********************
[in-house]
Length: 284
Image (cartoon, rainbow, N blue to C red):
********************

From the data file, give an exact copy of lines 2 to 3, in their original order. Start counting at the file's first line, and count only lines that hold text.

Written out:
Length: 284
Image (cartoon, rainbow, N blue to C red):